China appears to have a fat purse and it is ready to invest. For us we welcome them and everyone else. We have to take it upon ourselves to ensure that they are delivering work of high quality according to international standards and that that products are sustainable.
When looking for investors, one looks for those with quality and cheap financing. However, cheap does not mean cheap things, cheap financing must also correlate positively with quality with warrantees and guarantees so it can last.
Chinese investors must be held accountable; they must be responsible corporate citizen wherever they are operating.
How aligned is Uganda to the Africa Mining Vision, what have been the milestones towards achieving this vision,
Africa Mining Vision is looking at nationalising this vision. The ministry is going to examine what the vision is focusing on, and how we can bring it down to the level of government
From the way we are developing this sector we are picking best practice so that as we progress we are applying the best.
We are also preparing to become members of EITI so that issues of transparency and accountability get out of the way.
Joining EITI is a process as you have to prepare a lot of underlying data to validate.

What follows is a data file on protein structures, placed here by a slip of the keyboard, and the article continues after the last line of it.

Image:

As a ministry we are very mindful of the environment, the local people and we believe value addition is extremely critical.
Issue of women being part and parcel of development process is not left behind. Gender mainstreaming should be case throughout.
What Lessons can be learnt from Uganda
Africa is number one continent with big opportunities because there is development work going on. If we are to integrate Africa we need to pull our resources together and develop infrastructure, which can help us build on, and be able to tap and harness these natural resources that are going to bring benefits.
African governments need to be cognisant of local regulatory and legal frameworks and comply with them. It is only following the existing laws religiously that we can also develop and harness Africa’s rich mineral resources.
Resources from the minerals must be fully accounted for and processes be as transparent as possible.
Would you say lack of governance is Africa’s biggest issue?
Each country has a leader but importantly they should be visionary. Such a leader looks at how to better lives of people, and only use resources to transform the lives of the poor by providing access to electricity, health, education, water, roads, and creating jobs.
Uganda is fortunate to have a visionaryLleader ; President Yoweri Museveni.
Thank you; Honourable Minister